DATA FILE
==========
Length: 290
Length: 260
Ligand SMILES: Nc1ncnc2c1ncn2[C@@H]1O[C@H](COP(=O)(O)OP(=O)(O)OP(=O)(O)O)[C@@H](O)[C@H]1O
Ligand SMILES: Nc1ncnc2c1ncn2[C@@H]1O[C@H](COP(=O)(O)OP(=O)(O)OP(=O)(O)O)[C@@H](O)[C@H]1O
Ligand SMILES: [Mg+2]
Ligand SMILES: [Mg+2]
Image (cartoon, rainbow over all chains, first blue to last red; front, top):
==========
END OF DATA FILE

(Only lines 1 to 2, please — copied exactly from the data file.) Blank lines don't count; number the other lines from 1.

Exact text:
Length: 290
Length: 260